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Yet, behold! that which was man's store-house, was also his work-house; his pleasure was his task: paradise served not only to feed his senses, but to exercise his hands. If happiness had consisted in doing nothing, man had not been employed; all his delights could not have made him happy in an idle life. Man therefore is no sooner made, than he is set to work: neither greatness nor perfection can privilege a folded hand; he must labour because he was happy; how much more we, that we may be! This first labour of his was, as without necessity, so without pains, without weariness: How much more cheerfully we go about our businesses, so much nearer we come to our paradise.

Neither did these trees afford him only action for his hands, but instruction to his heart; for here he saw God's sacraments grow before him; all other trees had a natural use, these two in the midst of the garden a spiritual. Life is the act of the soul, knowledge the life of the soul; the tree of knowledge, and the tree of life, then were ordained as earthly helps of the spiritual part. Perhaps he which ordained the end, immortality of life, did appoint this fruit as the means of that life. It is not for us to inquire after the life we had, and the means we should have had. I am sure it served to nourish the soul by a lively representation of that living tree, whose fruit is eternal life, and whose leaves serve to heal the nations.

O infinite mercy! man saw his Saviour before him, ere he had need of a Saviour: he saw in whom he should recover an heavenly life, ere he lost the earthly. But after he had tasted of the tree of knowledge, he might not taste of the tree of life; that immortal food was not for a mortal stomach: yet then did he most favour that invisible tree of life, when he was most restrained from the other.

O Saviour! none but a sinner can relish thee; my taste hath been enough seasoned with the forbidden fruit, to make it capable of thy sweetness; sharpen thou as well the stomach of my soul by repenting; by believing, so shall I eat, and, in despite of Adam, live for ever. The one tree was for confirmation, the other for trial: one shewed him what life he should have, the other what knowledge he should not desire to have; Alas! he, that knew all other things, knew not this one thing, that he knew enough: how divine a thing is knowledge, whereof even innocency itself is ambitious! Satan

knew what he did: if this bait had been gold, or honour, or pleasure, man had contemned; who can hope to avoid error, when even man's perfection is mistaken? He looked for speculative knowledge, he should have looked for experimental; he thought it had been good to know evil! good was large enough to have perfected his knowledge, and therein his blessedness.

All that God made was good, and the Maker of them much more good; they good in their kinds, he good in himself. It would not content him to know God and his creatures; his curiosity affected to know that which God never made, evil of sin, and evil of death, which indeed himself made by desiring to know them: now we know evil well enough, and smart with knowing it. How dear hath this lesson cost us, that in some cases it is better to be ignorant! and yet do the sons of Eve inherit this saucy appetite of their grandmother; how many thousand souls miscarry with the presumptuous affectation of forbidden knowledge!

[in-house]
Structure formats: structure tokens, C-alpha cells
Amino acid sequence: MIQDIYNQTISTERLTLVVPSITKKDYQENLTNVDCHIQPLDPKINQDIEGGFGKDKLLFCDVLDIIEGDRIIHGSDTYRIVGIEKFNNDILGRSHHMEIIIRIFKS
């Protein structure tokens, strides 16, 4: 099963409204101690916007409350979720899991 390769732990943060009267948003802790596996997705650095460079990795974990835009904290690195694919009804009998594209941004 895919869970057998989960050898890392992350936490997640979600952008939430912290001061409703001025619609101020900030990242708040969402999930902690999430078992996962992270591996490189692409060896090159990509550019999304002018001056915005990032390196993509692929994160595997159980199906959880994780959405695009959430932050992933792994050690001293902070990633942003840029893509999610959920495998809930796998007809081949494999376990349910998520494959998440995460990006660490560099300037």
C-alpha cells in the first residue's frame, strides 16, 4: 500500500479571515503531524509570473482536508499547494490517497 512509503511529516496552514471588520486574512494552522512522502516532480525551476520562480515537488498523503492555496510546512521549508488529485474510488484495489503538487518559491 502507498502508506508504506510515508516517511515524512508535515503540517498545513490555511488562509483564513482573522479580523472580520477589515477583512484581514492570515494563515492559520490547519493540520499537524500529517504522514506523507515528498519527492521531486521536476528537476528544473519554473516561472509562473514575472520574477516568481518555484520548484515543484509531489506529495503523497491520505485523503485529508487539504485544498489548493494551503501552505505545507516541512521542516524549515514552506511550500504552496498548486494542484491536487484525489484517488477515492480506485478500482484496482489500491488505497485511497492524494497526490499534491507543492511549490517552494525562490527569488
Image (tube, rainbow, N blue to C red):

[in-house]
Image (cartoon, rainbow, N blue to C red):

O God, thou hast revealed more than we can know, enough to make us happy; teach me a sober knowledge, and a contented ignorance.

Paradise was made for man, yet there I see the serpent: what marvel is it, if my corruption find the serpent in my closet, in my table, in my bed, when our holy parents found him in the midst of Paradise? No sooner he is entered, but he tempteth: he can no more be idle, than harmless. I do not see him at any other tree; he knew there was no danger in the rest; I see him at the tree forbidden. How true a serpent he is in every point! in his insinuation to the place, in his choice of the tree, in his assault of the woman, in his plausibleness of speech to avoid terror, in his question to move doubt, in his reply to work distrust, in his protestation of safety, in his suggestion to envy and discontent, in his promise of gain.

And if he was so cunning at the first, what shall we think of him now, after so many thousand years experience? Only thou, O God! and these angels that see thy face, are wiser than he. I do not ask why, when he left his goodness, thou didst not bereave him of his skill? Still thou wouldst have him an angel, though an evil one: and thou knowest how to ordain his craft to thine own glory. I do not desire thee to abate of his subtilty, but to make me wise: let me beg it,

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without presumption, make me wiser than Adam; even thine image which he bore, made him not (through his own weakness) wise enough to obey thee; thou offeredst him all fruits, and restrainedst but one; Satan offered him but one, and restrained not the rest. When he chose rather to be at Satan's feeding than thine, it was just with thee to turn him out of thy gates with a curse: why shouldst thou feed a rebel at thine own board?

And yet we transgress daily, and thou shuttest not heaven against us: how is it that we find more mercy than our forefather? His strength is worthy of severity, our weakness finds pity. That God from whose face he fled in the garden, now makes him with shame to flee out of the garden: those angels that should have kept him, now keep the gates of Paradise against him. It is not so easy to recover happiness, as to keep it or lose it; yea, the same cause that drave man from Paradise hath also withdrawn Paradise from the world.